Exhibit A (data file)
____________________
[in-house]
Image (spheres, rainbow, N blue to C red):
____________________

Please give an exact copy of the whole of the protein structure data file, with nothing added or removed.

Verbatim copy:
[in-house]
Image (spheres, rainbow, N blue to C red):